Two pan-democrats say Hong Kong government snubbed them on handover commemoration
Pair say they were not invited to handover celebration despite pledge to build bridges
Two pan-democratic lawmakers have accused the government of reneging on its promise to rebuild its relationship with their camp after they were left out of today's official celebrations marking the 18th anniversary of the handover.
The revelation by the League of Social Democrats' "Long Hair" Leung Kwok-hung and the Civic Party's Claudia Mo Man-ching came as the pro-democracy camp said it expected to see a drop in the turnout for the annual July 1 march today.
The debate on political reform has waned since the government's package for the 2017 chief executive election was voted down last month.
Leung, who was invited to the annual flag-raising ceremony and the subsequent reception in previous years, said he was snubbed for the first time since being elected as a legislator in 2004. "The government's refusal to invite lawmakers to attend the activities is to belittle the [Legislative Council] and constitutes political discrimination," Leung said, adding that his protests at the annual event should not be a reason to exclude him from the celebrations.
Mo, who took office in 2012, said she thought it was the first time she hadn't received an invitation. She said she thought it was due to her advocating a position that the government should put Hongkongers first, often dubbed localism. Chief Executive Leung Chun-ying pointed to Mo in March as the organiser of anti-mainlander protests, which Mo denied.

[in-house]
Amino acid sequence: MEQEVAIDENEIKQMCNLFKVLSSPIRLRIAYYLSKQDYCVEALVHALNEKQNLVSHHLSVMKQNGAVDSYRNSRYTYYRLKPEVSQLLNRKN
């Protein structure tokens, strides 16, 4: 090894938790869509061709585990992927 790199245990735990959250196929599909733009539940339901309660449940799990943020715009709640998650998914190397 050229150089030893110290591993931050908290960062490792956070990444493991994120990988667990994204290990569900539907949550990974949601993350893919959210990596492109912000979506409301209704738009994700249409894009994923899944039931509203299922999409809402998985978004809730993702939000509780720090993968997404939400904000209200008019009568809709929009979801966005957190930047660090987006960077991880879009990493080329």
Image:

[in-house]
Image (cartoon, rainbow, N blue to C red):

Leung Kwok-hung and Mo said the snub proved Leung Chun-ying was not honouring his promise to forge a new relationship with lawmakers after the reform package's failure.
"If Leung Chun-ying indeed wants to offer an olive branch to the pan-democrats, he should have invited all of us," said Mo, who called the move "very naive".
The Home Affairs Department, which is responsible for the commemoration, said it would not comment on individual cases. It added that it drafted a list of guests according to the circumstances of each event.
Meanwhile, the July 1 rally, led by the Civil Human Rights Front, is to begin with a rally at Victoria Park at 2pm today, before the march to the government headquarters in Admiralty starts at 3pm.
But some pro-democracy activists have predicted a lower turnout than last year, when the city was gripped by an intense and public debate over the method for electing the chief executive in 2017.
The organisers put the turnout of last year's rally at 510,000, while police said the number of marchers peaked at 98,600. People Power lawmaker Albert Chan Wai-yip said the turnout may be the lowest in recent years, given the recent failed reform effort. "People might inevitably need to take a break," he said.